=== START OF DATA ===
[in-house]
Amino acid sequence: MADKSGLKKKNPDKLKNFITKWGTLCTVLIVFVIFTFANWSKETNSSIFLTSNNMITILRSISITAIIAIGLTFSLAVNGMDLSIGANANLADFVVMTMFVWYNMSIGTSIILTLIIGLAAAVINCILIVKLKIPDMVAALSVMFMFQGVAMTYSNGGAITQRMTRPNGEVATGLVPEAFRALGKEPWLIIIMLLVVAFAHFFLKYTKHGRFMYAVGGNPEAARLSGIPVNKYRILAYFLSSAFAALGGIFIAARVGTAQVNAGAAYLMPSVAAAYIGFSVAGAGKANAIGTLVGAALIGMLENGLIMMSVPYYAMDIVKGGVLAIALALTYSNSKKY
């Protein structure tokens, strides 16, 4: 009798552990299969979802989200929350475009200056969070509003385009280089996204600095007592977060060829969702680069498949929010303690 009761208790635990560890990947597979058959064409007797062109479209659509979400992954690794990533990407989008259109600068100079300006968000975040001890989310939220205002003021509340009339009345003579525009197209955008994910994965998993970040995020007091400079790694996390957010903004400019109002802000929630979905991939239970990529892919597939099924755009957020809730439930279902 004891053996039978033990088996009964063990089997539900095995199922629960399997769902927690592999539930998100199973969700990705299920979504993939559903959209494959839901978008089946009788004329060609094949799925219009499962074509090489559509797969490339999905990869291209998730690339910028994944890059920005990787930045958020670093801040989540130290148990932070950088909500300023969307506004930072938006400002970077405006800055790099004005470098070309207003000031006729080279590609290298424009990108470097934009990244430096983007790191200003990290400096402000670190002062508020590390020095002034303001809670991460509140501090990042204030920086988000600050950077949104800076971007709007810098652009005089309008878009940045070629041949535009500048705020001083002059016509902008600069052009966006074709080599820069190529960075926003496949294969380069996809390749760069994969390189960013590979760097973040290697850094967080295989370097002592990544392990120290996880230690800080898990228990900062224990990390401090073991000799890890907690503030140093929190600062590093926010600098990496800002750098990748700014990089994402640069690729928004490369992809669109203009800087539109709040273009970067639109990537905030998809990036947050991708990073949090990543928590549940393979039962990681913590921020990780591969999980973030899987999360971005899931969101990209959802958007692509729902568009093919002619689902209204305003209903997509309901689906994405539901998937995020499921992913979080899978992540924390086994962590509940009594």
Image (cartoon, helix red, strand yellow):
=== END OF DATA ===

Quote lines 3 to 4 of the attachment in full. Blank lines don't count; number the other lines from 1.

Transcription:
């Protein structure tokens, strides 16, 4: 009798552990299969979802989200929350475009200056969070509003385009280089996204600095007592977060060829969702680069498949929010303690 009761208790635990560890990947597979058959064409007797062109479209659509979400992954690794990533990407989008259109600068100079300006968000975040001890989310939220205002003021509340009339009345003579525009197209955008994910994965998993970040995020007091400079790694996390957010903004400019109002802000929630979905991939239970990529892919597939099924755009957020809730439930279902 004891053996039978033990088996009964063990089997539900095995199922629960399997769902927690592999539930998100199973969700990705299920979504993939559903959209494959839901978008089946009788004329060609094949799925219009499962074509090489559509797969490339999905990869291209998730690339910028994944890059920005990787930045958020670093801040989540130290148990932070950088909500300023969307506004930072938006400002970077405006800055790099004005470098070309207003000031006729080279590609290298424009990108470097934009990244430096983007790191200003990290400096402000670190002062508020590390020095002034303001809670991460509140501090990042204030920086988000600050950077949104800076971007709007810098652009005089309008878009940045070629041949535009500048705020001083002059016509902008600069052009966006074709080599820069190529960075926003496949294969380069996809390749760069994969390189960013590979760097973040290697850094967080295989370097002592990544392990120290996880230690800080898990228990900062224990990390401090073991000799890890907690503030140093929190600062590093926010600098990496800002750098990748700014990089994402640069690729928004490369992809669109203009800087539109709040273009970067639109990537905030998809990036947050991708990073949090990543928590549940393979039962990681913590921020990780591969999980973030899987999360971005899931969101990209959802958007692509729902568009093919002619689902209204305003209903997509309901689906994405539901998937995020499921992913979080899978992540924390086994962590509940009594």
Image (cartoon, helix red, strand yellow):